Part of Manchester Metropolitan University, the Manchester School of Drama offers an MA in Contemporary Performance which can be taken in one year full-time or two years part-time. Focusing on contemporary and innovative performance practice, the course is aimed at artists and graduates working within experimental theatre, contemporary dance, performance art, dance theatre, and physical theatre. Seven core units include Professional Practices, which looks at the professional contexts that exist for contemporary performance, such as state support for the arts, arts marketing, and arts networks. Maintaining a grounding in the practicalities of an arts career, the course-makers claim that graduates will leave “able to operate as makers of informed and sophisticated contemporary performance, as well as to understand some of the key professional and critical contexts in which these practices exist.”
Situated in the south London suburb of Sidcup, Rose Bruford is an acting conservatoire which sets out to promote “creativity, experimentation, diversity, and excellence,” and it is lucky enough to count among its former students the likes of Gary Oldman, Rosalie Craig, Stephen Graham, and Tom Baker.
Their MA programmes include Collaborative Theatre Making, Actor Musicianship, Theatre for Young Audiences, Devised Theatre, and Actor and Performer Training, a 13-month full-time practice-based course for those seeking “intensive advanced training as actors and performers alongside rigorous academic study and performance research.” The MA sets out to integrate “traditional text-based conservatoire training and practices with the physical collaborative approach that has grown out of eastern and central Europe over the last 60 years,” and as a part of this, it includes an expedition to Georgia in south-east Europe for ethnographic and cultural research.
It’s worth noting that over 90% of students in 2014 (the most recent year we have data for) were from the state sector.
With almost 4 million people, Birmingham is the UK’s largest metropolitan area after London, so it’s no surprise that it has a prestigious conservatoire to match. Housing a 500-seat concert hall alongside a recital hall, jazz club, and organ studio, Royal Birmingham Conservatoire has an international reputation which, they tell us, celebrates diversity.
The conservatoire’s roots are firmly in music, and that is still evident. However, their 2017 merger with Birmingham School of Acting led to Royal status and a vibrant, world-class acting faculty, ranked as a top 10 university in the UK for Drama and Dance in the Guardian University Guide 2020.
The MA Acting course, based in the city centre, has sent past graduates onto the Royal Shakespeare Company, the Edinburgh Fringe Festival, and many other prestigious roles and companies. The intensive, one-year course is largely practical and studio-based, “focusing on the practical application of acting, voice, movement and singing,” while developing flexibility “to confront issues that you may experience within your profession.” And not to be sniffed at – Birmingham’s course is also the first anywhere to use the university’s new £62m TV production facilities.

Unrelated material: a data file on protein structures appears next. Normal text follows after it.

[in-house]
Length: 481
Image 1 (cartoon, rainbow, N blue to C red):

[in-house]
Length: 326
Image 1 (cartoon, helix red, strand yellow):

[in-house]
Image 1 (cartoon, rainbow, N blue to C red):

Known in the industry as Central, the London powerhouse conservatoire was founded in 1906 and boasts alumni that include Vanessa Redgrave, Harold Pinter, Sir Laurence Olivier, as well as the more contemporary Riz Ahmed, Kit Harington, and Andrew Garfield.
Their list of MA programmes is almost as extensive – students can choose from a range of MA courses including Classical Acting, Contemporary Acting, Acting for Screen, Applied Theatre, and Music Theatre. With a leaning towards academic rigour, the Contemporary Acting MA is “a creatively, physically and intellectually demanding, advanced level, conservatoire acting programme specialising in contemporary plays.” The course addresses the actor’s “relationship with the writer,” exploring Shakespeare, Chekhov, Stanislavski, and on into new writing and the development of new work.
Central is well connected to the industry, and they particularly encourage applications from under-represented groups.
The RCS claims to be the only place in Europe where you can study all of the performing arts on the one campus, and there’s no denying the breadth of their offering. Located in buzzing Glasgow and counting Richard Madden and James McAvoy among its alumni, RSC students have the benefit of “the Ath” – their own 344-seat theatre – in which to hone their acting chops, and the conservatoire is consistently ranked within the world’s top 10 performing arts institutions.
MA courses include the popular Masters of Education in Learning and Teaching for those interested in exploring teaching while keeping their options open to perform, and it’s available part-time. The MA Musical Theatre is “an intensive blend of high-level vocational education and creative opportunities for students,” combining “project-based learning experiences with focused skills classes in acting, voice, singing and dance.” The MA/MFA Classical and Contemporary Text is “a vocational postgraduate programme of study for emerging artists,” aiming to “enable actors and directors to acquire practical skills, knowledge and understanding in relation to contemporary/new writing and classical text.”
The RWCMD is the national conservatoire of Wales, and is a world-class institution with direct links to organisations including the BBC and Welsh National Opera. It also boasts small class sizes, with just 10 people a year accepted onto its Masters course. Cardiff is a significant creative hub and includes the BBC’s largest drama production centre outside London.
The MA Acting for Stage, Screen & Radio is a 13-month, full-time course that incorporates practical studio and rehearsal-based training with core acting skills workshops and mentorship in the initiation, production, and performance of original work – and this emphasis on collaboration and initiation could explain why alumni like Rob Brydon and Ruth Jones have gone on to become writers as well as performers.
Looking for work after graduation? Check out our UK audition listings.